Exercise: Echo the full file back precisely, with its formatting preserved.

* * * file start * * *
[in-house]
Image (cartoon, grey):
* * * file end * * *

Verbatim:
[in-house]
Image (cartoon, grey):